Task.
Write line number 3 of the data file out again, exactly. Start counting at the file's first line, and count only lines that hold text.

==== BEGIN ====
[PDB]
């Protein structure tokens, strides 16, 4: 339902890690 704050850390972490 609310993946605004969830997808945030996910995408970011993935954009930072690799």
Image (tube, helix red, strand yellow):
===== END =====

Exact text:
Image (tube, helix red, strand yellow):